9. Farofa: a well roasted cassava flour mixture with some olives, pieces of egg, little cubes of bacon, some spices, just plain or what have you, may make you forget about your main course. Gosh, how I miss farofa!
10. Tapioca: once you start eating tapioca, specially in the morning, you just won't want to go back to eating plain bread anymore. Tapioca is a starch extracted from cassava root, used not only in Brazil, but also in Japanese cuisine, for example. It's healthy, light, nutritious, easy and delicious. You can quickly prepare it on a frying pan, with no oil, and fill it with anything salty or sweet. There are other types of tapioca, to make pudding, for example, and the type you use to prepare one, can't be used for the other. They are both good and addictive. Come on Brazil, let's start exporting some tapioca mixture for all the tapioca fans out there!
11. Honey bread: sweet honey bread, filled with dolce de leche (or caramel or brigadeiro or coconut) covered with milk chocolate. Do I need to say more?
12. Caipirinha: I think I don't need to introduce you to the worldwide known Brazilian drink caipirinha. Cachaça, the spirit used, is really expensive in European countries, so it's not a drink I can appreciate very often, but it's possible, I'll just spend four times more than I would in Brazil. So, if you're visiting Brazil, make sure you try the original one, made with lime, but also try the ones with strawberry, clementine, kiwi, lichy...just don't drink and drive!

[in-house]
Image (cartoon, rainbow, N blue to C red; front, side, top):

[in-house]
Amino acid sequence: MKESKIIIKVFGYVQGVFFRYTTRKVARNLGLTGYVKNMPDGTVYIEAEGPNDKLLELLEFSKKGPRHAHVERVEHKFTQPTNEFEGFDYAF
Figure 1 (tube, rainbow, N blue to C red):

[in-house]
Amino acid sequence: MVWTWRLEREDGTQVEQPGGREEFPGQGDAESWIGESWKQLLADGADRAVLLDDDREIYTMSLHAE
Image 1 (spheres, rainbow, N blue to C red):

13. Stuffed crab shells: made with sautéed crab meat, coconut milk, palm oil and bell peppers, this appetizer that we call casquinha de siri is one of my favorite appetizers to order in a restaurant. It's very tasty and it really opens up your appetite. I've never dared to make one, and now I wish I had in order to try cooking stuffed crab shells abroad.
14. Pastel: this fried pastry is commonly seen at the farmer's market in Brazil. We like it so much that we even eat pastel with nothing in it. We call pastel de vento, "wind pastel", but usually the fillings are made with cheese, ground beef, pizza, shrimp or heart of palm. You're not supposed to do this, but many times I've substituted a meal for pastel.
15. Sugar cane juice: and what's the best thing for you to drink when you order pastel at a farmer's market? Sugar cane juice! It doesn't get more Brazilian than that! It's purely sugar cane that goes into a pressing machine where you're able to get the juice from. That's it. Then, you can mix some lime juice with it and enjoy it cold. Though the color is not very appealing, if you are a sweet tooth, this is the juice for you.
Food is something that brings memories and emotions, and when you're living abroad, just the fact that these types of food aren't at an arm's reach makes you want them even more. In case you're visiting Brazil, take notes of all my suggestions and go ahead and try them. Then, let me know which is your favorite!